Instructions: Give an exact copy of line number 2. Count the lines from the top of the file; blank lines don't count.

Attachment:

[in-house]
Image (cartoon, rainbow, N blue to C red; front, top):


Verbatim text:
Image (cartoon, rainbow, N blue to C red; front, top):